Saeed Mohammed Hareb

Saeed Mohammed Hareb

Secretary General, Dubai Sports Council (DSC)
Abdullah bin Eisa Al Serkal

Abdullah bin Eisa Al Serkal

Director, Sheikh Mohammed Centre for Cultural Understanding (SMCCU)
More than luxurious malls, here's to the organizations working to advance sports and culture.

How do sports contribute to Dubai's soft power and its brand?
SAEED MOHAMMED HAREB Sport is, has been, and always will be on the top of our government's agenda. It is a top objective of the Dubai Plan 2021. Our wise and visionary leadership understands that sport plays a big role in the growth and appeal of a global city. Sport is also becoming an increasingly important element in the tourism industry. According to some studies, the sports tourism industry is worth billions and expected to grow at a rate of more than 6% in the coming years. In Dubai, we have been building and investing in our sports industry for more than 40 years. Today, we can boast of sporting landmarks like the Meydan Racecourse and the Hamdan Sports Complex. We also have some of the world's best golf courses, including one in Hatta. Dubai is home to more than 200 nationalities and our sporting calendar embraces this diversity. Our focus is on encouraging every segment of our community to not just watch, but embrace sports and physical activity because sports is a fountain of positivity and happiness in society.

What relationship will you have with Expo 2020, and how are you leveraging this opportunity?
ABDULLAH BIN EISA AL SERKAL For Expo 2020, we are training the new staff and providing cultural orientation programs. Dubai needs about 35,000 volunteers for Expo 2020, 15% of which will be Emiratis. We also have programs for new teachers who want to know how our center trains staff. We are also training people as ambassadors for Expo 2020. We want to create a small neighborhood within the expo, offering an experience of a continuous journey through a small village site. Visitors to Dubai do not only want to talk about the Burj Khalifa, but they will also want to know why we are dressed like this and our other cultural traditions, and what people really need is to interact with locals. This is precisely how SMCCU began one of its first programs, mosque tours. Our legacy is to open doors and minds and connect hearts. One day I want to see this as an academy of cultural understanding—the Academy of Open Doors and Open Minds. Through the successes of the center and our future goals, we are working to create a positive and welcoming impression of the UAE.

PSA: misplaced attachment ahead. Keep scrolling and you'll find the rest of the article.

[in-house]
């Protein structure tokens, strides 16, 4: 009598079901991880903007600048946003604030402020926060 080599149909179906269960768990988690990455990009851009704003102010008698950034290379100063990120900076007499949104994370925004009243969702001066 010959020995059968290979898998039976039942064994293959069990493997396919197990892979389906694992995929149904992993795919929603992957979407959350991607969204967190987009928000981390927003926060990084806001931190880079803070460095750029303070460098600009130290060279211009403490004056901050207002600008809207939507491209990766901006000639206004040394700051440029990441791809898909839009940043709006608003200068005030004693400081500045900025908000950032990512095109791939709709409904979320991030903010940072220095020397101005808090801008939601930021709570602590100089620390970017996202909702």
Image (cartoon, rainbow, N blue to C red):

How do you add value to Dubai's industries?
SMH Our greatest advantage is our leadership, which has turned Dubai into the jewel of the Gulf. Every time a top sports event or international sports federation decides to come to Dubai, they are assured of quality. This assurance of quality is the reason why all the world's sports stars, events, and international federations want to keep coming back. Beyond events, the sports stars keep coming here for their vacations because this is where they are assured of privacy. Their families also want to keep coming back because Dubai is a family destination, with multiple attractions to charm the young and old, men, women, and children.

ABEAS There are many other cultural institutes in the UAE, but we have discovered that people want to talk to an Emirati one. People do not want to go to the Holiday Inn or Sheraton, sit in a room, and watch PowerPoint presentations. SMCCU is in a 300-year-old historic district. We offer a more authentic experience. We train people in multiple areas including culture, religion, and business. We are consistently approached by business leaders and corporations, and we provide for their staff an environment of history and authenticity, and, at the same time, professionalism and a design tailored to their requirements. Our message is for foreigners, but the message is brought to them by locals. We try to train both Emiratis and non-Emiratis who were born and raised here. Some 80-90% of the training is Q&A sessions that go on inside and outside the classroom. Often, participants stay in touch with their presenter.